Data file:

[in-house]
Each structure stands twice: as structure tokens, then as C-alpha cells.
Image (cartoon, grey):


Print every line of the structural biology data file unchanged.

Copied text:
[in-house]
Each structure stands twice: as structure tokens, then as C-alpha cells.
Image (cartoon, grey):